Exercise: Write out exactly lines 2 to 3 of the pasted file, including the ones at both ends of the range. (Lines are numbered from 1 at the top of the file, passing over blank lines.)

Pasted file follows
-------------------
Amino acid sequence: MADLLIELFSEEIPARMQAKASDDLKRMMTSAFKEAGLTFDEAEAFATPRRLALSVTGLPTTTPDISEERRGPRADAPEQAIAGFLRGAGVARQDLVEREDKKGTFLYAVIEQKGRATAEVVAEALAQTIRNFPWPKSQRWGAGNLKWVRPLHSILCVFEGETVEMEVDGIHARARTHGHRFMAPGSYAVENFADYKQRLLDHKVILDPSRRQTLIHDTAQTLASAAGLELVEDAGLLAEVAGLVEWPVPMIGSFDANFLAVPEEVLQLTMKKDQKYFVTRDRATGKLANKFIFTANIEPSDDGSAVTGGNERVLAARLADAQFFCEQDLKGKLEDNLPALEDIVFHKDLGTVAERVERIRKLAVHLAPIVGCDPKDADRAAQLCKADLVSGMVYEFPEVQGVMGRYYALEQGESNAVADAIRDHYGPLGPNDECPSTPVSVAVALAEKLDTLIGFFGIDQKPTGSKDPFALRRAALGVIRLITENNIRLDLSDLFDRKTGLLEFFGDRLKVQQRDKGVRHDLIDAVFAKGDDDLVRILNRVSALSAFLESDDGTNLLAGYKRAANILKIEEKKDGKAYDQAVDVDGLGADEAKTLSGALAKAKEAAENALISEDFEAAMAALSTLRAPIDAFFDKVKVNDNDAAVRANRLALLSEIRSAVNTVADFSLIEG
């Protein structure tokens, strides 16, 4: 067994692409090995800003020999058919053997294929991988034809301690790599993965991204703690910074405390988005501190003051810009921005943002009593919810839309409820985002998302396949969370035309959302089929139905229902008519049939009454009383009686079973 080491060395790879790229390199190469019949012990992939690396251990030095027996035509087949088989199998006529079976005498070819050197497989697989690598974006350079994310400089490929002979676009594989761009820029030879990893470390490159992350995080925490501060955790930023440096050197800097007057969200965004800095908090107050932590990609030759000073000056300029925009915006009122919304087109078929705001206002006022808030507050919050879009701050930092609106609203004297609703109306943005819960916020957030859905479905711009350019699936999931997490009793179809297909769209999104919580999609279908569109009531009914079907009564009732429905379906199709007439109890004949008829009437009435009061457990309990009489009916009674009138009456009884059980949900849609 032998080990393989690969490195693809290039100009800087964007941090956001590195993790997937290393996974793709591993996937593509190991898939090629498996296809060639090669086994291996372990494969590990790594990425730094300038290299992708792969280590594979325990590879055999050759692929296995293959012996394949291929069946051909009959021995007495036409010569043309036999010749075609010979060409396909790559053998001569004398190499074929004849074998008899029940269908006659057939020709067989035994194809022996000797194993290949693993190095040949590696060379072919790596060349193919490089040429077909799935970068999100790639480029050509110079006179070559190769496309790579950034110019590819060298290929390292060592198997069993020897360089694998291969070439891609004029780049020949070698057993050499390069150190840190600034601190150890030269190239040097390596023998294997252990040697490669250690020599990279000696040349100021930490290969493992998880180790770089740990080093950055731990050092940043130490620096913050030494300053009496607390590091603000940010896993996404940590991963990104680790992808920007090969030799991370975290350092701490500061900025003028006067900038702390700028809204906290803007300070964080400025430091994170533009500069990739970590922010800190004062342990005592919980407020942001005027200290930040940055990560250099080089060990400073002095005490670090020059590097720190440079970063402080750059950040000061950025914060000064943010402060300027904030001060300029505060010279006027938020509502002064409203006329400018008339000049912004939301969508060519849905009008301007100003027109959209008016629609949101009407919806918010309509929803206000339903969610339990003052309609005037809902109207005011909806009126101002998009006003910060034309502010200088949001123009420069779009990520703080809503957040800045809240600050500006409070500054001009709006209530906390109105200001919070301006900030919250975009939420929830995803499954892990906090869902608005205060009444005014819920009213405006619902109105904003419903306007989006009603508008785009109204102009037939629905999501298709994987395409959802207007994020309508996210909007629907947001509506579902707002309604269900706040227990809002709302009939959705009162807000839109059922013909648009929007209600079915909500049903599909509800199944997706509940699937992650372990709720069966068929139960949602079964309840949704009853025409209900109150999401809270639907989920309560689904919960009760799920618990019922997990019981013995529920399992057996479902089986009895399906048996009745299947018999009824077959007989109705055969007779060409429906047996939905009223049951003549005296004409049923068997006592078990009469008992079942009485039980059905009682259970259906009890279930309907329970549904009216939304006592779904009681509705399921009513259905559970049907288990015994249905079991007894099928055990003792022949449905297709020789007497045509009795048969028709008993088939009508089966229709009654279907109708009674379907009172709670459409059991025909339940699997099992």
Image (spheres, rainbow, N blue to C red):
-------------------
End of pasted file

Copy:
């Protein structure tokens, strides 16, 4: 067994692409090995800003020999058919053997294929991988034809301690790599993965991204703690910074405390988005501190003051810009921005943002009593919810839309409820985002998302396949969370035309959302089929139905229902008519049939009454009383009686079973 080491060395790879790229390199190469019949012990992939690396251990030095027996035509087949088989199998006529079976005498070819050197497989697989690598974006350079994310400089490929002979676009594989761009820029030879990893470390490159992350995080925490501060955790930023440096050197800097007057969200965004800095908090107050932590990609030759000073000056300029925009915006009122919304087109078929705001206002006022808030507050919050879009701050930092609106609203004297609703109306943005819960916020957030859905479905711009350019699936999931997490009793179809297909769209999104919580999609279908569109009531009914079907009564009732429905379906199709007439109890004949008829009437009435009061457990309990009489009916009674009138009456009884059980949900849609 032998080990393989690969490195693809290039100009800087964007941090956001590195993790997937290393996974793709591993996937593509190991898939090629498996296809060639090669086994291996372990494969590990790594990425730094300038290299992708792969280590594979325990590879055999050759692929296995293959012996394949291929069946051909009959021995007495036409010569043309036999010749075609010979060409396909790559053998001569004398190499074929004849074998008899029940269908006659057939020709067989035994194809022996000797194993290949693993190095040949590696060379072919790596060349193919490089040429077909799935970068999100790639480029050509110079006179070559190769496309790579950034110019590819060298290929390292060592198997069993020897360089694998291969070439891609004029780049020949070698057993050499390069150190840190600034601190150890030269190239040097390596023998294997252990040697490669250690020599990279000696040349100021930490290969493992998880180790770089740990080093950055731990050092940043130490620096913050030494300053009496607390590091603000940010896993996404940590991963990104680790992808920007090969030799991370975290350092701490500061900025003028006067900038702390700028809204906290803007300070964080400025430091994170533009500069990739970590922010800190004062342990005592919980407020942001005027200290930040940055990560250099080089060990400073002095005490670090020059590097720190440079970063402080750059950040000061950025914060000064943010402060300027904030001060300029505060010279006027938020509502002064409203006329400018008339000049912004939301969508060519849905009008301007100003027109959209008016629609949101009407919806918010309509929803206000339903969610339990003052309609005037809902109207005011909806009126101002998009006003910060034309502010200088949001123009420069779009990520703080809503957040800045809240600050500006409070500054001009709006209530906390109105200001919070301006900030919250975009939420929830995803499954892990906090869902608005205060009444005014819920009213405006619902109105904003419903306007989006009603508008785009109204102009037939629905999501298709994987395409959802207007994020309508996210909007629907947001509506579902707002309604269900706040227990809002709302009939959705009162807000839109059922013909648009929007209600079915909500049903599909509800199944997706509940699937992650372990709720069966068929139960949602079964309840949704009853025409209900109150999401809270639907989920309560689904919960009760799920618990019922997990019981013995529920399992057996479902089986009895399906048996009745299947018999009824077959007989109705055969007779060409429906047996939905009223049951003549005296004409049923068997006592078990009469008992079942009485039980059905009682259970259906009890279930309907329970549904009216939304006592779904009681509705399921009513259905559970049907288990015994249905079991007894099928055990003792022949449905297709020789007497045509009795048969028709008993088939009508089966229709009654279907109708009674379907009172709670459409059991025909339940699997099992």
Image (spheres, rainbow, N blue to C red):